Book Review – The Secret Life of a Pastor (10/11)

How well do you know your pastor? Do you know what his daily life or spiritual life is like? I guess most of us don’t really know our pastors lives. We don’t really know what they struggle with, we don’t really know what their seminary training entails and we don’t know what their burdens are. Yet out pastors need counsels, advice and support. Michael A. Milton writes this book as an older pastor helping pastors pastorally go through some of these issues.

The Secret Life of a Pastor: (and other intimate letters on ministry)This book focuses on the preparation a pastor go through, the objectives the pastor should achieve and the discipline to care for both their family and the family of God. Milton comes as an experienced pastor and teacher, giving valuable advice to budding pastors. He tell students in seminary that they are to take their training, especially in the learning of original languages seriously. He helps them see that they have been given the privilege to learn something most of his congregation will not have the chance to! This gives them the motivation and correct perspective into their calling and training. Seminary students are not to take these modules as mere academic lessons, rather they are to see that they are being equipped to do what many of their congregation will never have a chance to do.

Next, Milton raise the issue of the daily workings of the church. It would be easy for a pastor to get use to the weekly routine of the workings of the church. It slowly becomes a task that the pastor has to complete. Milton helps pastors see the purpose and value behind some of these routine tasks like infant baptism, expository preaching and ministering. Using his experience, Milton shows reminds pastors that God is working through these means. Their work and labour no matter how mundane is something that God has appointed them to do, they must not lose the wonder of how God is using these means to grow His church.

Lastly, Milton takes readers to see how important it is for them to take care of their own families. He reminds readers that they are not to neglect their families but specially make time and effort to build up their own families.

I have found Milton to be an excellent guide for helping me gain an insider perspective on what a pastor’s life looks like. I think pastors will find his pastoral advice helpful to their life and work. Hopefully this book will help revitalise those who are weary and energise those who are struggling through their ministry.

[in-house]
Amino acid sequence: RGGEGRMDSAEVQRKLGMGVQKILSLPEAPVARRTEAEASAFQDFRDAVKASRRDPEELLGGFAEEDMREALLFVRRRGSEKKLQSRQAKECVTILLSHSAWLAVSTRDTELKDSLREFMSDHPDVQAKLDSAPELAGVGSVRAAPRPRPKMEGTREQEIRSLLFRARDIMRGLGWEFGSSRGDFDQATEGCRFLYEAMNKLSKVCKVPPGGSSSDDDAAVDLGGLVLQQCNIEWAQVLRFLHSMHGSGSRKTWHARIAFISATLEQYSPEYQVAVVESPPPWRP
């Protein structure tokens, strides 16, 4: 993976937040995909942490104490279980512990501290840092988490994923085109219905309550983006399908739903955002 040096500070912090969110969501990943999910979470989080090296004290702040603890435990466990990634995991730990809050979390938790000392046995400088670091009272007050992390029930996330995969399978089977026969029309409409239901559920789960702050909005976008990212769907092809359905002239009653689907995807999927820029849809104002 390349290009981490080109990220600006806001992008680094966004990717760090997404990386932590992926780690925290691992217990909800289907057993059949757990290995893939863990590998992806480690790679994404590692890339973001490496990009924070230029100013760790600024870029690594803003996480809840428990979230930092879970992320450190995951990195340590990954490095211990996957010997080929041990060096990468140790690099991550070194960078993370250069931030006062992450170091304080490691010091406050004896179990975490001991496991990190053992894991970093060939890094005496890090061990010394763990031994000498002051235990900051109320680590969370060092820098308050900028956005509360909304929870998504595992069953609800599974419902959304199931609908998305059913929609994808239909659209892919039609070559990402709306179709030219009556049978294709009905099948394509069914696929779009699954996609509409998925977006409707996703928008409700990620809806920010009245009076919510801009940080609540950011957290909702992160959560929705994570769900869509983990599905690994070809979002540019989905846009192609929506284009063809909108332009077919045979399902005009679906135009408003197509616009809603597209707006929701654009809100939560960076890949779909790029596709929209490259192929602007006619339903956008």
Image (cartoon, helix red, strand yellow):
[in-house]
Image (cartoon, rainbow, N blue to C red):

Rating: 4.25 / 5

If you’re interested you can get it here and here (free international shipping), kindle.

Disclaimer: I was given this book free from the publisher in exchange for an honest review

Book Review – Why I am not an Atheist (1/4)

There are many reasons why I am a christian, and there are also many reasons why others belong to their religions. However, are there reasons for one to be not an atheist? This book says there is.

Why I am not an AtheistWithin this book, 11 reasons were given in this book, each explored in one chapter. These 11 chapters are essentially testimonies given by the 11 persons. Each of them brings with them their experience and their reasons for not being an atheist.

As I read these chapters, I found that the authors do not write exclusively within their own sphere, as I had expected. For example, the biologist in the first chapter approach the reason why he is not an atheist by examining the philosophical basis of science than approaching the topic with biological evidences. Whereas in the 2nd chapter, the university chaplain uses more biological  reasons/evidences to explain why he is not an atheist.

All in all, I found the chapters to be readable, but not terribly a good read. However, I found chapter 11 by Ravi Zacharias to be excellent and certain one of the best chapters within the book. I think readers should really take this book to be a book that shares individual testimonies and reasons why they are not atheist. I have found their own argument to be logical and well argued, though not everyone will agree with their reasons.

I would think that this book would most likely suit those who are agonist or are christians who are studying in the university. they would not only find good reasons why someone is not an atheist, they will also find reasons why someone should (or must) be a christian. Those who are ardent atheist might not necessarily appreciate this book.

Rating: 3.5 / 5

If you’re interested, you can get it here and here (free international shipping), Kindle.

Disclaimer: I was given this book free from the publisher in exchange for an honest review

Book Review – Heaven, How I Got Here (26/3)

With the many books about people who has got to heaven and come back, why is there a need for another one? I guess the answer to this question is simply far too many such books are not biblical at all. And here is one that wants readers to be educated and taught about how one really can enter into heaven.

Heaven, How I Got HereColin Smith has written a book covering the perspective of the thief who’s crucified next to Jesus. I must say I’m not a fan of speculative stories especially historical biblical stories, but this book remains to be an exception. This book is not filled with how jesus or how heaven looks like, or what conversions one had with Jesus, rather this is a story that recounts how one entered into heaven.

As the title suggest, this is a short story that recounts how the thief accepted and endure through his crucifixion, at the same time, how he interacted with Jesus and believed in Him. I found the book helpful in how it explains to the readers the heaven is not a place we enter by virtue/merit (as many would believe) but entirely by placing one’s faith in christ. That is essential not just for the terrible sinner, but even for people are civil and mortally upright. Everyone can only enter heaven by faith in Jesus.